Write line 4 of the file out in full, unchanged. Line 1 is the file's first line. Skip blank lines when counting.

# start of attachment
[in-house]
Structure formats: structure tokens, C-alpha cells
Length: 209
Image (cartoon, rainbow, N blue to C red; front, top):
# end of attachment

Image (cartoon, rainbow, N blue to C red; front, top):